Skip to navigation
Skip to main content
Migration Dialogue provides timely, factual and nonpartisan information and analysis of international migration issues through five major activities: the newsletters Migration News and Rural Migration News, Changing Face and other Research & Seminars, and the Sloan West Coast Program on Science and Engineering Workers.
Contact us at firstname.lastname@example.org.
There were 1,235 Indonesians working in Japanese hospitals and nursing homes in summer 2014, and the quota for new admissions will be raised to 348 for 2015. Japanese host institutions pay foreign health care workers about $1,000 a month while they work and study to pass exams that are given in Japanese. If they pass the exams, the foreign nurses can stay in Japan indefinitely at regular Japanese wages.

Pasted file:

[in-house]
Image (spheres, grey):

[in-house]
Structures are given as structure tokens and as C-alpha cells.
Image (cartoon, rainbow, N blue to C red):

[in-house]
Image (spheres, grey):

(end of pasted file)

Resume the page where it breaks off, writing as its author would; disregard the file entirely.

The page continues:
More Japanese firms are hiring foreign graduates of Japanese universities. The New York Times reported August 25, 2014 on the dress and interview protocols for graduates when they interview for jobs. Most Japanese firms hire new graduates and train them internally, and the Japanese Ministry of Education and Science reported that almost 95 percent of the graduating students in 2014 found a full-time job by June 2014. Hiring fresh graduates and training them in-house means that young workers must wait for promotions and that mid-career hires are rare in Japan.
Prime Minister Shinzo Abe in June 2014 announced the creation of six economic zones where business regulations are to be relaxed in an effort to jump start the economy. In Osaka Prefecture, one proposal would allow Japanese households to employ foreign domestic workers so that Japanese women who now stay home could work for wages.